Best Sites of Grand Canyon & Las Vegas – A Trip Report

In August 2009, we made a 5-day trip to Grand Canyon via Las Vegas. Though the two of us can be labeled as seasoned travelers to this area, this was the first time with grandparents and kids. Southwest again scored with the best fares from Oakland to Las Vegas (~$70 one-way inclusive of all taxes). The early morning flight from Oakland landed on time but the Alamo car rental center had shifted to manual operation following a computer glitch. It was two hours before we hit the road but more unbelievable was - per the representatives there – the ETA for the glitch to be contained was close to 48 hours. In this day and age, not having a 24x7 system for a service organization is in itself ridiculous, let alone the down-time of two whole days. Though Alamo had the best deal for a mini-van at less than $45 per day (inclusive of a Costco $20 discount offer), this experience really tested our frugal mindset.

The drive from Las Vegas, NV to Grand Canyon South Rim, AZ can take close to 5 hours and is scenic in its own way and mountain goats are a common sighting en route. Hoover Dam located within an hour is a great stopover for those into engineering marvels. It is an arch-gravity dam situated right at the border of Arizona and Nevada – at the time of its completion in 1936, it was the world’s largest power station. Tours take roughly two hours and the options were:
  1. Power plant tour (Adults - $11, Kids - $9, under 3 – free): A combination of presentations, exhibits, and viewing areas with elevators providing access to the viewing platforms. The tour can be reserved online.
  2. Dam tour ($30, under 8 – not allowed): A guided tour of the facility along with presentations, exhibits, and viewing areas. The tour is available on a first-come basis at the visitor center.
Parking was $7 and visitor center admission with no access to dam or power plant was $8. Summer is extreme and a stopover at the parking lot, a walk through the bridge, along with any tour can be draining especially to the elderly. A frugal option is to steer clear of the tours and take advantage of the several vantage points up the hill once past the dam. The benefit is lesser crowds, great views, and a totally free experience. But having taken the tour before in less challenging climatic conditions, we have to admit they are indeed interesting and informative.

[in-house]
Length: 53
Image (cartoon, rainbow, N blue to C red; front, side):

Less than ten miles from the park entrance to the Grand Canyon is the National Geographic Visitor Center. One of the best IMAX movies we have ever seen is presented here – “Grand Canyon IMAX movie” – not surprisingly, it is the most watched IMAX movie ever. The 34-minute movie effectively portrays the beauty and grandeur of the Grand Canyon in a giant screen with stunning visual effects. Regular pricing was $13.34 adults, $10.14 (kids 6-10) – there was a 20% discount when purchasing these tickets in advance online. The visitor center also has an information/ticket center, a gift shop, and a park-rep area where information regarding the park can be gathered and park entrance ticket ($25) purchased. Service can be slow as a single person is responsible for both fielding the questions and issuing of the tickets.

Accommodations inside the park are on the expensive side and needs to be reserved well in advance. Choosing one of the seven lodges inside the park run by Xanterra is the best option. Rooms start at around $70 for a basic cabin but can trend upwards of $150 for an air-conditioned room with a full bathroom. The non A/C rooms at Maswick (below $100) are a good frugal option for families with kids. These rooms were long gone before we were able to reserve, so our only available option was the A/C rooms at Yavapai lodge for around $160 and is a short walk away from the Market plaza (groceries, restaurant, post office, etc). Also, these lodges are very convenient with easy access to the main hiking trails. Nonetheless, many prefer to have the car handy especially for viewing the sunset and the sunrise. A point to note – check the sunrise and sunset timings locally, they could be different from that available online. Deer and elk is a common sight while hiking, especially during early morning and at sunset. We were lucky to have multiple sightings of herds of elk crossing the road the first day of our visit at around 7 PM when darkness was setting in. Though we were not able to identify the genus, the area around the trails is teeming with small birds. To observe the feathered friends, it is vital to keep the eyes skinned and be extremely silent while hiking. Local flora and fauna is always gratifying to the soul.